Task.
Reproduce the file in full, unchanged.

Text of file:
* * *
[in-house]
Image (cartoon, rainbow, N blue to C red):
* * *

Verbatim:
[in-house]
Image (cartoon, rainbow, N blue to C red):